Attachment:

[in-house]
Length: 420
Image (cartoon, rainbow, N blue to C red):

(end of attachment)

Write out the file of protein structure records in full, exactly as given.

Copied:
[in-house]
Length: 420
Image (cartoon, rainbow, N blue to C red):